FDA Announces Plans To Cut Nicotine Levels In Cigarettes

FDA Announces Plans To Cut Nicotine Levels In Cigarettes

FDA Announces Plans To Cut Nicotine Levels In Cigarettes

The Food and Drug Administration is pushing ahead with a plan to make cigarettes less addictive, a move that threatens to upend the tobacco industry and accelerate a shift toward new smoking technology.

"We see a historic opportunity here to use that product standard to potentially more rapidly migrate smokers off of combustible cigarettes, that we know cause a lot of death and disease related to tobacco use, and potentially onto products that can provide adults with access to nicotine without all the harms associated with combustion", FDA Commissioner Dr. Scott Gottlieb said during a media briefing. The FDA is seeking outside comment on a number of issues, including what nicotine levels should be permitted and whether the change should be implemented gradually or all at once.

Federal health officials took the first step Thursday to slash levels of addictive nicotine in cigarettes, an unprecedented move created to help smokers quit and prevent future generations from getting hooked.

In addition, the FDA plans to issue a series of foundational rules and guidance documents that will delineate key requirements of the regulatory process, such as the demonstration of substantial equivalence and the submission of applications for new tobacco products.

Each day, more than 3,800 youth younger than 18 years old smoke their first cigarette.

There is growing scientific evidence that limiting nicotine in cigarettes to minimally or non-addictive levels can help more smokers quit and prevent kids from becoming addicted.

The FDA first announced its intent to regulate nicotine levels in 2009, but the formal notice, published on Thursday, marks the first real action the agency has been able to take after spending years hamstrung by Big Tobacco's legal challenges.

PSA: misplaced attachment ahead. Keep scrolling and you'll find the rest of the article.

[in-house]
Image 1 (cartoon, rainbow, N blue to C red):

Donny said a lengthy regulatory process would be reasonable given the sweep of the FDA's initiative and the prospect of a rapid reduction in smokers' exposure to nicotine.

Perhaps for that reason, the FDA's notice claims to round up the most recent relevant research, and also calls for public and expert comment on that information to help inform whatever rule it will ultimately implement.

One lung health expert applauded the move.

Altria Group Inc., the Henrico County-based parent company of top US cigarette maker Philip Morris USA, said Thursday that the FDA's action is "a request for information, not a proposed rule, and is the first step in a multi-year process that will require the agency to examine and resolve many complex issues". More than 16 million Americans live with a smoking-related disease. After that, Gottlieb said, "we're not going to prejudge how long this will take".

The Food and Drug Administration floated the proposal last summer, but provided new details in a government filing on the potential impact of drastically cutting nicotine from cigarettes, by as much as 80 percent.

Waxman spoke with the Los Angeles Times about the significance of the proposed regulations, how they might improve public health, and why he's not in favor of banning nicotine altogether.

But tobacco makers were forced to admit to deliberately making cigarettes more addictive in an ad campaign that is now running. This is a pivotal part of our overall public health approach.

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